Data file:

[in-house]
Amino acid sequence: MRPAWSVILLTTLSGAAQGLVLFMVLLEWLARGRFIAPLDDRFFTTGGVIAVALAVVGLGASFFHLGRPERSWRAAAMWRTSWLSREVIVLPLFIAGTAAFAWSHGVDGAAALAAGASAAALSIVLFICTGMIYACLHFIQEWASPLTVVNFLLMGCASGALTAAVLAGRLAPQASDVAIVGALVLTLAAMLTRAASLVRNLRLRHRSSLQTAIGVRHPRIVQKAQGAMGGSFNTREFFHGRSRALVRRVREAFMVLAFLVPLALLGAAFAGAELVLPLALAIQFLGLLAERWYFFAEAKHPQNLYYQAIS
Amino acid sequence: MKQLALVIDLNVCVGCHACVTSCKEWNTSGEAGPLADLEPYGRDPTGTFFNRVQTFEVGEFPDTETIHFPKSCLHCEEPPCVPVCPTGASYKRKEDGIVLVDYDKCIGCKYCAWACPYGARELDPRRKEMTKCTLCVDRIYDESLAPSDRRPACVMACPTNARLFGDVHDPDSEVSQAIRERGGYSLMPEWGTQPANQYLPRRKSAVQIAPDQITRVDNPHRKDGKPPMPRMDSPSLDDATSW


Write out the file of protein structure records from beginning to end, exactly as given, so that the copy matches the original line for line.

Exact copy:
[in-house]
Amino acid sequence: MRPAWSVILLTTLSGAAQGLVLFMVLLEWLARGRFIAPLDDRFFTTGGVIAVALAVVGLGASFFHLGRPERSWRAAAMWRTSWLSREVIVLPLFIAGTAAFAWSHGVDGAAALAAGASAAALSIVLFICTGMIYACLHFIQEWASPLTVVNFLLMGCASGALTAAVLAGRLAPQASDVAIVGALVLTLAAMLTRAASLVRNLRLRHRSSLQTAIGVRHPRIVQKAQGAMGGSFNTREFFHGRSRALVRRVREAFMVLAFLVPLALLGAAFAGAELVLPLALAIQFLGLLAERWYFFAEAKHPQNLYYQAIS
Amino acid sequence: MKQLALVIDLNVCVGCHACVTSCKEWNTSGEAGPLADLEPYGRDPTGTFFNRVQTFEVGEFPDTETIHFPKSCLHCEEPPCVPVCPTGASYKRKEDGIVLVDYDKCIGCKYCAWACPYGARELDPRRKEMTKCTLCVDRIYDESLAPSDRRPACVMACPTNARLFGDVHDPDSEVSQAIRERGGYSLMPEWGTQPANQYLPRRKSAVQIAPDQITRVDNPHRKDGKPPMPRMDSPSLDDATSW